Frequently asked questions
What type of course can I study?
Applicants under the Short Term Study visa can undertake the following courses in the UK:-
Short course of study in the UK, such as an English language course or a training course; or
Short period of research as part of a degree course if you are studying abroad
How long can I stay?
Applicants can stay in the UK for:
6 (six) months - for any short course (including English language courses), or short period of research if they are 18 years or over;
11 (eleven) months - if applicant is 18 years or over and pursuing an English language course.
Rights of Dependants?
Applicants under a Short Term Study visa cannot bring their husband or wife or civil partner or other partner or child, in the UK as their dependant. If these dependants want to come with you to the UK, they must make their own application, which may be in a different immigration category.
Can you 'switch' if you are already in the UK?
Applicant must leave the UK on or before the date that their visa. Short-term students are not allowed to apply to switch into any other immigration category while still in the UK. If they wish to continue studying in the UK after your immigration permission as a short-term student has come to an end, they will need to return home and apply for entry clearance as a Tier 4 student, or in another appropriate immigration category.
In line with the Home Office service standards for processing UK visa applications, they decide 90 per cent of the applications within 3 weeks, 98 per cent within 6 weeks and 100 per cent within 12 weeks of the application date.
Applicants apply for the Same Day at one of Public Enquiry Office (PEO) in the UK; the application is normally decided on the same day.
Immigration Health Surcharge?
The Immigration Health Surcharge (IHS) was introduced by the Home Office on 6th April 2015. People (non-EEA) coming to the UK for more than six months have to pay this health surcharge as a part of their immigration application towards the National Health Service (healthcare in the UK).
Offshore applicants will have to pay the health surcharge if they are applying for a visa for a period of longer than six months, and onshore applicant will have to pay the health charge for any length of visa.
Applicants will have to pay £150 per year as a student or £200 per year for all other visa and immigration applications. Dependants will usually need to pay the same amount as the main applicant. The exact amount they have to pay depends on how much leave you’re granted. They can calculate how much they will have to pay before you apply. If the period of grant applied for is less than 6 months, then half of the yearly amount to be paid and if the period of grant applied for is more than 6 months, then whole year amount is to be paid.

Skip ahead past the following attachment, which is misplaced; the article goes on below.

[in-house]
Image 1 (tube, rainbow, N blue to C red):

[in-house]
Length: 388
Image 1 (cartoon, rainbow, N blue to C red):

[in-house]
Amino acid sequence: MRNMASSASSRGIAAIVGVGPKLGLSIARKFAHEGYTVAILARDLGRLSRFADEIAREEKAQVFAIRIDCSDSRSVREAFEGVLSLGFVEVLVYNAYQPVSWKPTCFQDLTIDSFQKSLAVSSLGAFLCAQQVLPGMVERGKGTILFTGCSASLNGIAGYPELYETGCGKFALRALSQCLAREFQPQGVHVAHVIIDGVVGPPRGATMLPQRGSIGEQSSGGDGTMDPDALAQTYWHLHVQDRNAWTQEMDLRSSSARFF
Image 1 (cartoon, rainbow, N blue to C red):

Visa application will not be granted if applicants do not pay the healthcare surcharge or application will be delayed if the right amount is not paid.
Following persons are exempted to pay the IHS:
Applicants applying for a Tier 2 (Intra-company Transfer) visa and their dependants;
Applicant under 18 who has been taken into care by a local authority;
Applicants who arenationals of Australia or New Zealand;
Dependant of a member of the UK’s armed forces;
Dependant of a member of another country’s forces who is exempt from immigration control; and
Applicants of a relevant civilian employee employed by North Atlantic Treaty Organisation (NATO) or the Australian Department of Defence in the UK and their dependants.
Foreign nationals from outside the European Economic Area making certain applications to the Home Office have to apply for a biometric residence permit. This applies to both postal applications and applications made in person (known as ‘premium applications’). The biometric residence permit is a residence permit which holds a migrant’s biographic details (name, date and place of birth) and biometric information (facial image and fingerprints), and shows their immigration status and entitlements while they remain in the UK. This also means that a UK visa will no longer be stamped in applicant’s passport and all applicants will be issued one of the new Biometric visa cards instead. These cards look very similar to a (pink) UK driving license except they have a microchip on the back.
Applicants who wish to extend their stay in the UK by post, the Home Office will send them a letter asking them to enrol their biometrics after the Home Office have received their application. Applicants will be able to enrol their biometric information one of the Post Offices offering this service across the UK using their walk-in service.
Applicants who are submitting their application in person can do this at one of the Public Enquiry Offices by using the premium service. Applicants will enrol applicants’ biometric information at the same time as making their application.
For application submitted overseas, the applicants have to provide their biometric enrolment at one of the Visa Facilitation Centres. Successful applicants will receive a 30 day ‘vignette sticker’ in their passport instead of a vignette with the full grant of leave. This 30 day visa will be the date they indicated as their intended travel date in their visa application. Applicants will be required to collect their BRP from the Post Office branch detailed in their decision letter within ten days of arrival in the UK. The Post Office branch is linked to the postcode that they submitted in their visa application. The BRP card can then be used as proof of right to work, study and access public services in the UK.
Conditions of Stay?
Applicants will have the following conditions attached to their leave:
No recourse to public funds;
Intend to leave UK after the end of your study.
Can I work?
Applicants cannot work at all during their time in the UK.